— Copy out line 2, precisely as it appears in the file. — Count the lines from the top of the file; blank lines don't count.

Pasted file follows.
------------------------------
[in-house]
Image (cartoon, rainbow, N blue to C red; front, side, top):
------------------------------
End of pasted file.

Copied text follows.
Image (cartoon, rainbow, N blue to C red; front, side, top):